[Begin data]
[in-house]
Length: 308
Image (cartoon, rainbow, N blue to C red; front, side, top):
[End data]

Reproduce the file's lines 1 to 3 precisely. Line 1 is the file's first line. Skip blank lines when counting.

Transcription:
[in-house]
Length: 308
Image (cartoon, rainbow, N blue to C red; front, side, top):